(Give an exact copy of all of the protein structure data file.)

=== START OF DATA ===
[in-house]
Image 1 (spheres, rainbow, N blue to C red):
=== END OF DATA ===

[in-house]
Image 1 (spheres, rainbow, N blue to C red):